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How Fervor Records Built a New Business with Classic Arizona Music

Dave Hilker and Jeff Freundlich
Dave Hilker and Jeff Freundlich

One man installs a recording studio in a house or a storefront, starts an independent record label, signs a roster of artists, and boom, a music factory is born. It's the stuff that fills whole display cases in the Rock and Roll Hall of Fame. Berry Gordy with Motown Records in Detroit. Sam Philips with Sun Records in Memphis. Jim Stewart and his sister Estelle Axton with Stax Records, also in Memphis. With minor variations, you could be telling the story of Chess or Atlantic or A&M Records--any number of labels that came, saw, conquered and was eventually gobbled up by a conglomerate looking to diversify its investment portfolio.

When you first hear about Fervor Records, a label founded by Dave Hilker that has its recording studios in two suburban houses in Sunnyslope, AZ, your mindset drifts to that simpler time when a record company could conquer the world through its old business model, consumer music sales.

"The unique thing about Fervor Records," Hilker says, grinning, "is that we don't make our money selling records. We make our money licensing music. Our artists make more on performance royalties than they would selling CDs."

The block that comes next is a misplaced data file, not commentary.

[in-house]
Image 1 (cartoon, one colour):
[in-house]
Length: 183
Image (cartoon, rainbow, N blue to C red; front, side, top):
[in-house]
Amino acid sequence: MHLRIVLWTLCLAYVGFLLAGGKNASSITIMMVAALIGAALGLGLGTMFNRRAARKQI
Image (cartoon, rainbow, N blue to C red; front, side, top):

Fayuca
Fayuca

Fervor artists own the physical rights to their CDs while Fervor does the digital distribution and takes a cut--still a small piece of their revenue pie compared to song placement and publishing royalties. "ITunes sales and streaming, it's not even a secondary market of ours. It's third, maybe. If that."

Even more unique among indie labels is Fervor's wildly diverse roster--for a conventional label, it would seem more than a little scattershot. Heritage artists--some dating back to the '20s--are listed side-by-side with futuristic electropop band Super Stereo, old school punk like Glass Heroes, blues and folk artist Hans Olson, and hip-hop artists like Tarik NuClothes.